Cash and cooperation

Money experts see rise in tax rebates and co-financing

One sure sign that the indie pic market is in full swing again is when it’s tough to get any completion bonders, much less bankers, on the phone.

These financial players report they’ve got plenty of business to tend to this fall, with numerous independent productions trying to close financing to prepare for shoots in the first quarter of 2006.

“We’re clearly busier than last year,” says Steve Mangel, president and chief operations officer of Independent Film Guarantors, one of the leading completion bond companies. “Our number of films in the first three quarters is almost twice that it was over the same period in ’04.”

Mangel says the jump is noticeable in the lower end of the production spectrum, with budgets spanning between $2 million and $15 million.

“The bulk of what we do is in the $5 million to $25 million range,” he says. And although films like Dean Devlin’s $60 million “Flyboys” was financed independently, finance folks say the $100 million-plus super- indies are increasingly rare. “We typically saw a few of those in the past,” says Mangel. “Now they’re fewer and far between.”

As studios reserve their production budgets for making and marketing tentpoles, more and more films in the midbudget range will be financed independently, notes Hal Sadoff, head of ICM’s new international and indie film division.

“Since the studios have to feed their huge worldwide distribution apparatus,” he says, “they have to look for films with outside financing to fill those slots.”

This also means the kinds of kudo contenders that fall outside the mega-budget model are being made more and more outside the studio system.

“Inevitably, those types of films — ‘Million Dollar Baby,’ ‘Hotel Rwanda,’ ‘Capote’ — are not those that a studio will greenlight on their own,” Sadoff adds.

“We’ve seen a steady progression of films being financed outside of the mainstream manner, as independent films rather than studio films,” agrees Kurt Woolner, of guarantor Film Finances. “More films are being tailored to shoot in locations outside of the U.S. to capitalize on subsidies and soft money.”

Woolner points to two films Film Finances recently bonded, both period pictures set in Los Angeles: Robert Towne’s “Ask the Dust,” which lensed in South Africa, and Brian De Palma’s “Black Dahlia,” which shot in Bulgaria.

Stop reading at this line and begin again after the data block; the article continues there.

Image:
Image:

“It’s the same story,” he says. “They were both put together in a manner to maximize their money,” using foreign tax shelters and overseas coin.

“If you’re looking for a trend, take a look at the rise in co-financing, coupled with shooting outside the U.S. to take advantage of tax subsidies,” echoes Natexis Banque’s Bennett Pozil, who handled such bonded pics as the Toronto-shot vidgame adaptation “Silent Hill,” a partnership between Samuel Hadida’s Davis Film and Focus Intl.; and “Shopgirl,” a co-financing arrangement between Hyde Park and Disney.

Michael Ohoven, CEO of Infinity Media, says some sort of studio participation is often key. For “Capote,” the under-$10 million Oscar buzz pic he produced along with Infinity partner William Vince and Caroline Baron, Ohoven says the film was financed through equity, Canadian tax credits and a negative pickup by United Artists.

“A little while ago, you didn’t have to have the studio involved, but nowadays,” he says, with presales leveling out and German funds disappearing, “you need your soft money and you need your studio deals.”

Changes in financing opportunities in Germany of late and the uncertainty in the U.K.’s tax structures also have created a void, says ICB Entertainment Finance co-managing director David Hutkin, that has been filled by U.S.-based equity (“whether hedge-fund money or straight-ahead equity”) and new state tax incentives like those in Louisiana, New Mexico, North Carolina, Pennsylvania and New York.

But Fred Milstein, prexy of boutique bond company Cine Finance, says the growth of the independent business lies abroad.

“European productions continue to grow, and Asia is a developing market for us,” he says, citing the new Jet Li actioner his firm has recently bonded.

Jonathan Wolf, exec VP of IFTA and managing director of the AFM, agrees. With the expansion of filmed entertainment globally, from local soap operas to TV programming, he says numerous countries are now taking the next step to feature filmmaking.

“At this year’s AFM, there are first-time exhibitors from 24 different countries. That, to me, indicates that this growth is very widespread, and not just in one region of the world or linked to one type of incentive,” he notes.

And a greater sophistication in the world market has created a stronger independent scene, argues ICB’s Hutkin. “There continues to be a flight to quality,” he says. “When I first started, sales were made in every territory, and we were just putting films through the mill. But today, there are films that do not sell in every territory.

“It’s partly what’s attracting the equity and more studio guys into the indie world,” continues Hutkin. “I think they see that the films have a better chance of doing well, be it Oscar nominations or box office. It’s much healthier than it used to be.”

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